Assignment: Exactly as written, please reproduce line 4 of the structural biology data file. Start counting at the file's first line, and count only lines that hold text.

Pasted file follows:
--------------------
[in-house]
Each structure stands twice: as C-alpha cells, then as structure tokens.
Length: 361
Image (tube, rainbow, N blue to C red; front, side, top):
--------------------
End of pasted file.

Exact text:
Image (tube, rainbow, N blue to C red; front, side, top):